# How can I get vectorized text when exporting to pdf?

Consider this code:

data = Table[Sin[j^2 + i], {i, 0, Pi, Pi/3}, {j, 0, Pi, Pi/3}];
p1 = Graphics[Raster[data], Frame -> True, FrameStyle -> Large,
ImageSize -> 300];
p2 = ListDensityPlot[data, InterpolationOrder -> 0,
ColorFunction -> "GrayTones", Frame -> True, FrameStyle -> Large,
ImageSize -> 300];


Why does the font in the first plot appear vectorized while the the font in the second does not?

Update:

remove the ImageResolution option will vectorize both plots, but ImageResolution is very helpful in reducing the pdf file size and I can't give up on that.

Export["~/Downloads/1.pdf", p1]


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This is not an answer, but the same thing happens when exporting these graphics as EMF or WMF. – Verbeia Jun 20 '13 at 4:47
Possible duplicate of this question. – m_goldberg Jun 20 '13 at 10:49
version or system issue? I get vectors in both cases w/v9 on windows. – george2079 Jun 20 '13 at 17:29
By the way, exporting to EPS i see in both cases the entire file is 'vector', i.e. each square is drawn and filled. You might try exporting eps and converting externally. – george2079 Jun 20 '13 at 17:40

A possible answer to the question in the title, "How can I get vectorized text when exporting to pdf?" is the same as what I suggested here:

rasterTrick[plot_] :=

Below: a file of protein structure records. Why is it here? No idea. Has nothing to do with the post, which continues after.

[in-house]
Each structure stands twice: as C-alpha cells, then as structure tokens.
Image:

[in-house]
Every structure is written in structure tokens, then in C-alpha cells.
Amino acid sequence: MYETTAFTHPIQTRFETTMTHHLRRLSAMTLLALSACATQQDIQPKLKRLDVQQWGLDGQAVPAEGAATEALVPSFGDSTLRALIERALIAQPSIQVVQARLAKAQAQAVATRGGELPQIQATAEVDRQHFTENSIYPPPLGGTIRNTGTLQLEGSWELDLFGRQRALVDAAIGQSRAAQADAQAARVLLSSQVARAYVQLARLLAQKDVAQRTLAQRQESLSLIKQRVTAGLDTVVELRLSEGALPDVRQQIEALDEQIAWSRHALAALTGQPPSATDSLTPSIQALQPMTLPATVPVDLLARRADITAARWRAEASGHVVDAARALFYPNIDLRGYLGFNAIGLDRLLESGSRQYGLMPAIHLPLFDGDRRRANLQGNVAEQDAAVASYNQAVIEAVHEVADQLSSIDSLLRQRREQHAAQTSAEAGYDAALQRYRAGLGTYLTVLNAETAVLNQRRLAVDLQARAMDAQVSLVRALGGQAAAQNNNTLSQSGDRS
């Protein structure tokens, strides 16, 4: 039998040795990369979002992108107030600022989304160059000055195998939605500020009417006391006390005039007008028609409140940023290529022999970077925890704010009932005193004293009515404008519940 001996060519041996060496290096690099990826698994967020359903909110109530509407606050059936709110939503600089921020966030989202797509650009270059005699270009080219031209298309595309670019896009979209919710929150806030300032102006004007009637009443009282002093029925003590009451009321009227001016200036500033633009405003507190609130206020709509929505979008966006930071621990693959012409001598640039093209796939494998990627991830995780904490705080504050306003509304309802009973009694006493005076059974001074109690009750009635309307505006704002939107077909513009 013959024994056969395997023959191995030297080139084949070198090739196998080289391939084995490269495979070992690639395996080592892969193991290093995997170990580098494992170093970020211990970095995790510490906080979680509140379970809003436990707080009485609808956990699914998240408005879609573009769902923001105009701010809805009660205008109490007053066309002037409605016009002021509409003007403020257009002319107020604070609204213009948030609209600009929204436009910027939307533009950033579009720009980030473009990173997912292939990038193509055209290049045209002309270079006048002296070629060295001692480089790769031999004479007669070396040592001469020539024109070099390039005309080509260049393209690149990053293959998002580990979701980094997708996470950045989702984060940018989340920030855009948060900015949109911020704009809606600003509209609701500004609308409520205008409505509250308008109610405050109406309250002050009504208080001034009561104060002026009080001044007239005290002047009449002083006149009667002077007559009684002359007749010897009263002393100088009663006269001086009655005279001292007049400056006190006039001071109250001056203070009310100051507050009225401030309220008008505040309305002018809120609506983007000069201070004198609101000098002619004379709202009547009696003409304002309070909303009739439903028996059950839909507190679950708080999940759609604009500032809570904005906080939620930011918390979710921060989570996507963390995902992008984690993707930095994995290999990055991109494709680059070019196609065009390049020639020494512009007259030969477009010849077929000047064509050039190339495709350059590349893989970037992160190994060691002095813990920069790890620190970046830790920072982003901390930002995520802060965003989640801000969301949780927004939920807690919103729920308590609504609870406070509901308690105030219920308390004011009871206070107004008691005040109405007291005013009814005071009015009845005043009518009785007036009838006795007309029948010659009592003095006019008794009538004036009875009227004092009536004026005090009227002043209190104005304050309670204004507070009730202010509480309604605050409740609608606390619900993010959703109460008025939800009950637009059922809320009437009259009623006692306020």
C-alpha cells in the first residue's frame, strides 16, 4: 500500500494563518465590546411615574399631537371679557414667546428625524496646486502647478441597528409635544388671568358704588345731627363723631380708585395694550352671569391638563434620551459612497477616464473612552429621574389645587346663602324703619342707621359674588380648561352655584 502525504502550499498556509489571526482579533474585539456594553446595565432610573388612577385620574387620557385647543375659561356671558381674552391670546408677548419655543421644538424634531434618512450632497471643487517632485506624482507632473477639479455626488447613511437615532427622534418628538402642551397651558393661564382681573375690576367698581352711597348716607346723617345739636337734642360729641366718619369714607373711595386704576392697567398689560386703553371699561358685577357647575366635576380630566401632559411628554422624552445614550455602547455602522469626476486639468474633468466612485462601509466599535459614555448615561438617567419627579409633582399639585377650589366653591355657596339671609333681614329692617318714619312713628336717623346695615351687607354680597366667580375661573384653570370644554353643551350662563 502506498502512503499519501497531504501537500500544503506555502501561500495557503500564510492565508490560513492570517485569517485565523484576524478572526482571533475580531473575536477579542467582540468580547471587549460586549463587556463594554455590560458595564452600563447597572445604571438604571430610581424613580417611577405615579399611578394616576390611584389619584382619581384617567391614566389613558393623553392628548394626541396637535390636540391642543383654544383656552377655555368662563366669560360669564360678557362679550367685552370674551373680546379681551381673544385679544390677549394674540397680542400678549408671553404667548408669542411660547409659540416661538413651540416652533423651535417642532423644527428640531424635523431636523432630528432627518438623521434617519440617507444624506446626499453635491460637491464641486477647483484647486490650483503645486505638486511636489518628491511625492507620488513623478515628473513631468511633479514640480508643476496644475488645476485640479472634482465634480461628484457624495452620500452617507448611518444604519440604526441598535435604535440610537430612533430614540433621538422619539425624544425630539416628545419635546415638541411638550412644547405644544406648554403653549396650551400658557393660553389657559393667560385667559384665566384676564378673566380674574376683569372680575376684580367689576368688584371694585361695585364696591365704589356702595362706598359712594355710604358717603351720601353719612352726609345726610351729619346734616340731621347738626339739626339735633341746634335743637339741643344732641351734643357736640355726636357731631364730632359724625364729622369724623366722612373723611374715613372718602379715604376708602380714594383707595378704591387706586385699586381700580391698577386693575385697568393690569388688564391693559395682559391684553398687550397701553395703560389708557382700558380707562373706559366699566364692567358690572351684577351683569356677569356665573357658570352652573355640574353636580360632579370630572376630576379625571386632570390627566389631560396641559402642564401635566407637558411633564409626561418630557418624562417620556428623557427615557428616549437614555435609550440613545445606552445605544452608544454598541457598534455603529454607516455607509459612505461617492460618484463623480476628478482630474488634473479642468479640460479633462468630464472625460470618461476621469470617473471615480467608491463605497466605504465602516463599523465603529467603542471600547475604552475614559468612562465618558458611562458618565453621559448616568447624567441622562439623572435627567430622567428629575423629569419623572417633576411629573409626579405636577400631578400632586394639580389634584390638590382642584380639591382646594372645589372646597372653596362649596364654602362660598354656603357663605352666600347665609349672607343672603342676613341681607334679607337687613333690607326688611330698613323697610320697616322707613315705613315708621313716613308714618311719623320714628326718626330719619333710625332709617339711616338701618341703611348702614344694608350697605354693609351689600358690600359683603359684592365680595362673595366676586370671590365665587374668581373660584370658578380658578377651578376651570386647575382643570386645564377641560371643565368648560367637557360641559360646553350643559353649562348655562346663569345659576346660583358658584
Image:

Show[plot,
Prolog -> {Opacity[0], Texture[{{{0, 0, 0, 0}}}],
VertexTextureCoordinates -> {{0, 0}, {1, 0}, {1, 1}},
Polygon[{{0, 0}, {.1, 0}, {.1, .1}}]}]


The function rasterTrick is described in the linked answer, and you'll notice that the white lines between the exported gray squares are gone. The density plot has been turned into a bitmap at high resolution, but the frame labels are not rasterized.
So the Export command just needs to be augmented by //rasterTrick.
Yes, that's correct. But your reason for adding ImageResolution is to get a better quality density plot, without the white lines, right? I see no other reason to use ImageResolution in the first place. My trick achieves this improvement in quality, as if you had used ImageResolution -> 200, but it applies rasterization only to the plot contents and not to the axes or frames. It's a hack that I discovered by accident, but it's better than ImageResolution here. – Jens Jun 20 '13 at 17:51